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Monday, January 8, 2018

How to find old shipwreck gold

This piece of squashed gold jewelry (Probably a treasure ring and 1600s because of the site) had me break dancing on the beach when I recovered it a few years ago on the Treasure Coast of Florida, ironically the day after a local blogger posted beach hunting conditions were poor with a beach rating of one.

This is why you should never wait around for second hand beach reports, get yourself to the beach and see for yourself which is always a great way to put yourself in the right place at the right time.
I may give off the vibe that Spanish silver reales on shipwreck beaches float my boat, but really it is the thought of recovering Spanish gold jewelry or gold coins that gets my toes tingling.
Searching any beach with a little history I always hope to break out the gold dance, especially if the beach is eroded (Cut) by a coastal storm or unusually high surf hitting the beach from just the right angle.
Some beach treasure hunters may think the party is over when the beach begins to fill in, but that is not aways the case. 
Some of my better old gold days have come days or even weeks after erosion has taken place, you really think nothing washes onto or off the beach on the following tides?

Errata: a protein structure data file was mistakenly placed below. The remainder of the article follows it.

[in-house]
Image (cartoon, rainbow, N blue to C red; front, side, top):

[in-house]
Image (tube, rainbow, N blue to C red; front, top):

A good site is open for business long after a storm has passed if you know where to look.
That place is often a trough, dip or scalloped area where objects washing in and out with the following tides settle and get buried by every successive high tide, the great sandy conveyer belt that all beach hunters try to find the end of. 
Following up on yesterdays blog about putting myself back in the day, I also try to see where gold may have been flushed out of and deposited after a storm.
One way is to take a walk along the beach and past where you intend to search, do you see anywhere that gold may have been deposited?
If like me you go beach hunting regardless of when the high tide time is, you often get to see the dynamics of the beach.
Where the surf makes it up to on the beach, the way the water moves across or along the beach.
The angle of the beach has a lot to do with this, but you wont see it or find Spanish gold if you wait to go beach hunting two hours before low tide or wait for second hand beach reports.
A beach is constantly changing and the more time you spend at your favorite beaches the faster you will learn what may have been deposited and more importantly where!

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